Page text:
Parents.  You know enough about taking responsibilities into your own hands. In the absence of effective action it is up to us to set our politicians, our headmistresses and masters, teachers and early years practitioners straight here and in doing so, contribute to changing this culture. Some of them really need to wake up to this quickly:  if a four or five year old can’t read or write yet – it really DOES NOT MATTER. They will catch up. They just need to be given a chance – without the constant pressure.  

And with a general election looming – it’s the perfect time to set our candidates straight with a vote for reform.  

But more than that. We need to question the whole notion of the “under-performing school”. The term is frequently used as a short-hand in the absence of any analysis of why a school is said to be “under-performing” (see Jessica Shepherd’s recent piece in the Guardian “What does the election hold for education policy”. ) and indeed in the absence of an analysis of the values and scales of measurement of the organisations and government departments  who are seeking to maintain they are “underperforming”.  

Historically we know governments have always sought to exercise control over education systems and many have gone to extreme lengths to issue propaganda to achieve these goals. I studied German history as a first degree – which included the study of Fascism and Education.  I speak fluent German, lived in Germany for ten years – experienced the fall of the Berlin wall and the aftermath. From these two very different perspectives – I lived and learned exactly what it means for a government and a political system to gain control over children in schools – why educational propaganda exists in the first place. As far as the Early Years Foundation Stage Learning and Development Requirements and the Profiling is concerned – it is highly significant to me that unless they choose to home educate – parents and children cannot escape from this system.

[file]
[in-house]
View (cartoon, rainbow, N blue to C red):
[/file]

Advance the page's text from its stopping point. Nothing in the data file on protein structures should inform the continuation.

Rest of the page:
Why not home-educate?, I was asked recently. That’s fine if that’s your choice and something you are in a position to do. But why should parents be forced into that situation when quality state education is not just an obligation but a human right? It’s something we pay for with our taxes, isn’t it? 

And so we fight for hope. For the truth. The picture, may I suggest, goes like this:  

The human and educational connections between the early years in childhood and young people’s later educational, vocational and academic achievements are not yet being drawn and emphasised strongly enough. On a basic level – we are using a system of measurement for our youngest children (the Early Years Foundation Stage Learning and Development Requirements and the Profiling) which has been criticised and discredited by international research. It is widely acknowledged that pushing children like this too early in life is likely to put them off education altogether. And it often does.  

It sounds incredibly simple  – but it seems this simple idea needs saying:  

One of the reasons why children don’t appear to be fulfilling their potential as people, and as individuals who learn well, with enthusiasm and throughout their lives – is not because they can’t read and write at five, or four, or that they are not being trained hard enough – it’s because they are being pushed too hard.    

This notion applies just as much to Sats as it does to the Early Years Learning and Development Requirements and the Profiling.  

And one of the reasons why so many give up on education or don’t do well later – is what happens to them in the early years.